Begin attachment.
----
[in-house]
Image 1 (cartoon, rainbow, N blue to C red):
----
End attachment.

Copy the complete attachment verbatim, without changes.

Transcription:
[in-house]
Image 1 (cartoon, rainbow, N blue to C red):